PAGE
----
Sonny Fulks
Sonny Fulks
Managing Editor

Sonny Fulks is a graduate of Ohio State University where he pitched four varsity seasons for the Buckeyes from 1971 through 1974. He furthered his baseball experience as a minor league umpire for seven seasons, working for the Florida State League (A), the Southern League (AA), and the American Association (AAA). He has written for numerous websites, and for the past fourteen years has served as columnist and photo editor for The Gettysburg Magazine, published by the University of Nebraska Press, in Lincoln Nebraska. His interests include history, support for amateur baseball, the outdoors, and he has dual degrees in music from Ohio State University.


He might not know how many wins he has, and the stops along the way tug at his loyalties.  But baseball is still special to Brookville coach Chuck Harlow, and his enthusiasm has helped fuel a dramatic turnaround at Brookville.

Versailles, OH –  All those years, and all those wins, great teams, and great players at Northmont High School seem almost a footnote when you talk with Chuck Harlow now.

Wins?  At the time when he retired from Northmont four years ago he had crossed 714 for his career.  That’s 714, now, putting him at the time at eighth on the OHSAA all-time list.

Teams?  If you corner him you can cajole him into talking about the past – long ago when he started his coaching career at Dixie.  Then 34 years at Northmont, where he did the bulk of his legacy building.

Great players?  Truthfully, the next kid who goes 3 for 4 and drives in four runs…or the next pitcher that throws a shutout and strikes out 12, like Steve Jones did to Versailles Tuesday afternoon to knock them out of the Division III tournament, is the one that he wants you to know about.

Now 64, and in his 41st year of coaching, Chuck Harlow is still as enthusiastic about it, and excited, as a groom on his wedding night.

He returned to coaching three years ago after retiring from Northmont, taking the job at Brookville for a different type of competitive attraction.

“My wife and I started out in Brookville,”  he says.  “And let me tell you why I’m coaching there now.  It’s a community that gets things done.  When the tornadoes went through two years ago and tore up all those communities in the Miami Valley?  Nobody got it worse than Brookville, and they were the first to rebuild. That’s a spirit that’s special to me.

“Our superintendent, he said we were going to school last fall when other schools were out because of Covid.  Our kids were in school from day one this year.  The people there just cooperate with each other, and that intrigues me.  The facilities are good.  That intrigues me.  And…I just like baseball.”

In a area that’s had more than its share of veteran baseball coaching personalities, he reigns with the best.  And while slower in step, his competitiveness and love for working for kids is as strong as ever.  And for that, his importance to youth baseball in the Miami Valley cannot be overlooked, or taken for granted.

How long can he go?  “I’ll be there tomorrow.  We’re gonna’ play Miami East.”

“I’m 64,”  he said Tuesday, following his Blue Devils’ 3-0 Division III sectional tourney win over Versailles.  “I think Cahill (Bruce Cahill, at Tipp City) is 63, and I always tell him ‘Dude, you ain’t quittin’ before me.’  And he says, ‘Well you ain’t quittin’ before me’, so I guess we push each other.  I’ve been at Dixie, then Northmont, and now back at Brookville.  But…tell you the truth, it’s those kids there in the dugout.  I couldn’t do it without them.  They’re awesome – off the charts.  I’m just so happy for them to come here today and win a tournament game against Versailles.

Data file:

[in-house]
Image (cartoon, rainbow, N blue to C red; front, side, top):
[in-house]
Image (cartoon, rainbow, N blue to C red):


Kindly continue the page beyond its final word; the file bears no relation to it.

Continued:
“We started out 1-7 this year, and uh…well, we struggled.  But we just kept grinding and grinding away.  There’s never been a hint of quit in these kids.  We were dead last in our league this year (Southwest Buckeye League), but we just kept getting better and better – kept working at it, you know.  Our seniors have been terrific, for they way they worked, especially after starting out 1-7.  Our pitcher today – Steve Jones – when I came here he was just a skinny sophomore that could hit and we just pitched him a little.  Now he’s throwing 88-89, and he’s going to University of Indianapolis next year.  That’s the kind of kids we have.”

On the losing side of the scoreboard Tuesday, Versailles coach Joe Harrmann took some time after talking to his kids post-game to show his own respect for one of the valley’s amateur baseball icons.

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“I’ve always known who Chuck was, just from being around the game, but we’ve never actually met before this week,”  said Harrmann.  “Then the other night we sat by each other at the all-area meeting and had a few laughs while we talked baseball.  What a great guy!  You love talking to a guy like that because he still has the passion.  He’s a phenomenal coach.  He’s a phenomenal person, and it was fun to come out here and coach against him today.

“And you know…you look at someone like him and say to your kids, ‘If he’s been around here doing this for this long, you guys can get up and get after it and have that same passion for the game.  He’s great for the game because kids look at him and can learn from his example.”

That said, everything has its limits, even in baseball.

Hal McCoy just crossed over to his eighth decade in pursuit of the game’s magic.

This writer will sometime soon see his seventh.

So…how much longer can Chuck Harlow go?

“I’ll be there tomorrow,” he cracked with a smile when I asked him.  “We’re gonna’ play Miami East.”

He couldn’t wait to get to the bus…get home…get something to eat…some sleep…and do it all again.

And by the way, the Blue Devils are now 11-8 after their 1-7 start.

Is it any wonder?

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